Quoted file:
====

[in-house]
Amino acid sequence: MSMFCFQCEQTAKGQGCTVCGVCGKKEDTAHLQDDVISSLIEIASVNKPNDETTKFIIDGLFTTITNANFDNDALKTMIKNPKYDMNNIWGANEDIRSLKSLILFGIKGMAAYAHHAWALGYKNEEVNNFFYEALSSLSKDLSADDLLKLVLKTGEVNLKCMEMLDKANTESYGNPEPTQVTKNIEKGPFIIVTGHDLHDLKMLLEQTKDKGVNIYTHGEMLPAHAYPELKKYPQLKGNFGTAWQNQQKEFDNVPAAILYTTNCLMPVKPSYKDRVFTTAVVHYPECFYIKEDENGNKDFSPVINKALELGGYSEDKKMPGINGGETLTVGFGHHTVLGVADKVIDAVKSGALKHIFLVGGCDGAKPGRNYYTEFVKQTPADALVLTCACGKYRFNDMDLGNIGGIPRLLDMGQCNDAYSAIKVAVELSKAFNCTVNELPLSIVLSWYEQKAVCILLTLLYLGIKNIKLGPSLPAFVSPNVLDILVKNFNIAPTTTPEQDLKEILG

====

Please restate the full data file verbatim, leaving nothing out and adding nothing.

[in-house]
Amino acid sequence: MSMFCFQCEQTAKGQGCTVCGVCGKKEDTAHLQDDVISSLIEIASVNKPNDETTKFIIDGLFTTITNANFDNDALKTMIKNPKYDMNNIWGANEDIRSLKSLILFGIKGMAAYAHHAWALGYKNEEVNNFFYEALSSLSKDLSADDLLKLVLKTGEVNLKCMEMLDKANTESYGNPEPTQVTKNIEKGPFIIVTGHDLHDLKMLLEQTKDKGVNIYTHGEMLPAHAYPELKKYPQLKGNFGTAWQNQQKEFDNVPAAILYTTNCLMPVKPSYKDRVFTTAVVHYPECFYIKEDENGNKDFSPVINKALELGGYSEDKKMPGINGGETLTVGFGHHTVLGVADKVIDAVKSGALKHIFLVGGCDGAKPGRNYYTEFVKQTPADALVLTCACGKYRFNDMDLGNIGGIPRLLDMGQCNDAYSAIKVAVELSKAFNCTVNELPLSIVLSWYEQKAVCILLTLLYLGIKNIKLGPSLPAFVSPNVLDILVKNFNIAPTTTPEQDLKEILG